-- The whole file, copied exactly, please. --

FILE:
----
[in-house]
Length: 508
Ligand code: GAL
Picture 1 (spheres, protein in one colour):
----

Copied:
[in-house]
Length: 508
Ligand code: GAL
Picture 1 (spheres, protein in one colour):